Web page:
Silicon wire arrays, though attractive materials for use in photovoltaics and as photocathodes for hydrogen generation, have to date exhibited poor performance. Researchers at CalTech have now developed silicon microwire arrays that demonstrated solar energy conversion efficiencies of up to 3%, with the potential for further improvement. The paper appears in the 8 January issue of Science.
Internal quantum yields were at least 0.7, demonstrating that the measured photocurrents were limited by light absorption in the wire arrays, which filled only 4% of the incident optical plane in our test devices. The inherent performance of these wires thus conceptually allows the development of efficient photovoltaic and photoelectrochemical energy-conversion devices based on a radial junction platform.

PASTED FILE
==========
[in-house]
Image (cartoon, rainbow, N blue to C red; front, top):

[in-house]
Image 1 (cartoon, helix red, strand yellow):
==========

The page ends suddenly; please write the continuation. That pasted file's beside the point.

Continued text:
—Boettcher et al.
The researchers using a copper-catalyzed, vapor-liquid-solid–growth process to grow ordered arrays of crystalline p-type silicon (p-Si) microwires on p+-Si(111) substrates, then used these wire arrays as photocathodes in contact with an aqueous methyl viologen2+/+ electrolyte.
Shannon W. Boettcher, Joshua M. Spurgeon, Morgan C. Putnam, Emily L. Warren, Daniel B. Turner-Evans, Michael D. Kelzenberg, James R. Maiolo, Harry A. Atwater, and Nathan S. Lewis (2010) Energy-Conversion Properties of Vapor-Liquid-Solid–Grown Silicon Wire-Array Photocathodes. Science Vol. 327. no. 5962, pp. 185 - 187 doi: 10.1126/science.1180783